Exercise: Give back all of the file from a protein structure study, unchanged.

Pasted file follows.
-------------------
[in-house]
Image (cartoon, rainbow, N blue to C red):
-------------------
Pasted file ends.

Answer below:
[in-house]
Image (cartoon, rainbow, N blue to C red):